HONG KONG (BLOOMBERG) - As China prepares to shut down for annual tomb-sweeping holidays, one Hong Kong-listed operator of cemeteries is winning over investors and analysts with margins that are double Apple's.
Fu Shou Yuan International Group, which runs graveyards from Shanghai to Chongqing, has jumped more than 60 per cent in the past year, almost three times the pace of Hong Kong's Hang Seng Index.
All seven analysts covering the stock have a buy rating, while they project the shares will gain a further 22 per cent over the next 12 months, according to data compiled by Bloomberg.
Rising incomes in China are fuelling demand for upscale funeral services.
Fu Shou Yuan, whose 2013 initial public offering was almost 700 times oversubscribed, offers pre-need contracts and an online portal where clients can purchase everything from headstones to burial plots and flowers.
A funeral package can cost up to 500,000 yuan (S$104,237), according to state media reports.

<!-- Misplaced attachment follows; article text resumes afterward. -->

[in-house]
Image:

"The stock is very special because it is like a property developer and a consumer product stock at the same time," said Mr Frank Yip, an analyst at UOB Kay Hian, who has a buy rating on the company. "Its land bank is very crucial for profitability in the future."
The soaring cost of burial plots is a key driver in Fu Shou Yuan's earnings, according to China International Capital Corp. While the number of plots stayed flat in 2017, the average selling price increased by 17 per cent to 102,416 yuan, CICC said in a March 19 report. That helped give the US$2 billion (S$2.6 billion) company a gross margin of 80 percent last year, compared with Apple's 38 per cent.